The big question as the New Year dawned was whether the Citizenship Amendment Act (CAA) would plunge the country into a constitutional crisis, raising questions about some fundamentals of the Indian Union. Police brutality against critics is no reason for not hailing the CAA as an act of humanity of which Mahatma Gandhi, B R Ambedkar and Maulana Abul Kalam Azad — three persons the protesters invoke — would surely have been proud. But as pressures mount, Narendra Modi should think of a more mature response than tweeting a complimentary certificate from a supposedly holy man he may revere but of whom many others, including this writer, had never heard.
Two weeks ago, this column testified to an inability to understand why all those frenzied people who keep passionate vigil and chant high-pitched slogans were up in arms. One only guesses from their emotional outpourings that they fear the National Register of Citizens (NRC), National Register of Indian Citizens (NRIC), National Population Register
(NPR) and the CAA will be manipulated somehow to deprive 200 million Indian Muslims of their birthright to make room for vast numbers of foreign Hindus, presumably meaning the 17 million in Bangladesh. This is carrying conspiracy theory to absurd lengths, especially since no Central leader is so enamoured of East Bengal’s fisherfolk and boatmen. Nevertheless, even Mumbai’s Cardinal Oswald Gracias waded into the fray with the jejune claim that citizenship should never be based on religion. “The time of Christmas is a time for peace, justice and unity,” he declared. It’s also a time for Christian charity and compassion for the unfortunate minority community in Pakistan and Bangladesh.
The latest challenge to the Centre’s authority is the Kerala Assembly resolution demanding that Parliament withdraw the CAA. Eleven states had already announced their refusal to implement the NRC. Two states — Kerala and West Bengal — have reportedly even stopped work on the NPR without which there can be no NRC, leave alone an NRIC. Of course, these are not legally state subjects. But how does the Centre intend to cope with the inevitable constitutional gridlock? The Bharatiya Janata Party’s massive Lok Sabha majority can take it only so far. Parliament can pass laws like the CAA but execution and implementation rest with state administrations. In this instance, not only are the governments of certain states refusing to cooperate but as the protests unfortunately prove, they can claim a huge reservoir of support from misguided people who don’t understand that the CAA is not anti-secular.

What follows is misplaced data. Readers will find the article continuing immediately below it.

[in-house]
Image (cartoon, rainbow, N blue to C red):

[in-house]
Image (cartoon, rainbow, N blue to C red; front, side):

Far from denying secularism, it goes some way in affirming the secularism whose denial led to partition. Including Muslims in the CAA would subvert the basis of partition. Also, being neither militant nor proselytising like Islam or Roman Catholicism, Indian secularism seeks no converts. It suffices if the state avoids displaying religious bias, doesn’t demand majoritarian privileges, and if all the country’s religions co-exist peacefully. Pakistan and Bangladesh are none of India’s business. But Hindus there are because as the successor state of the Raj, post-independence India has a moral obligation towards people who were Indians until the subcontinent’s division on religious lines made them virtual aliens in the land of their birth.
True enough, central ministers have been less than candid about the NRC, NRIC and NPR, encouraging suspicion about their motives. But that doesn’t affect the CAA’s validity. Objecting to fast track citizenship for victims of persecution because they are Hindus is tantamount to opposing any relief to them precisely because they are Hindus. It’s difficult to believe Indians can be so mean. Since the CAA is likely to apply mainly to Bangladeshi Hindus, West Bengal’s response is crucial. Objectors probably fear the financial and other costs of another refugee influx. West Bengal has always resented East Bengalis who may be politically useful but whose accents are ridiculed and lifestyle mocked. The word “colony” has become a derogatory term because poorer refugees live in colonies.
The problem is of the Centre’s own making. It should have taken the people into confidence and built up a consensus in a worthy cause. Instead, with the country against him, will Mr Modi use Article 356 against recalcitrant states such asWest Bengal and Kerala? Or will he send the Central Reserve Police Force or even the army? Neither may amount to civil war such as the Americans faced in 1861 or the Pakistanis 110 years later, but both signify a breakdown of communications which are essential for a harmonious consensual federation. Jaggi Vasudev, also known as “Sadhguru”, may be Mr Modi’s guru but is hardly a credible instrument to restore federal confidence.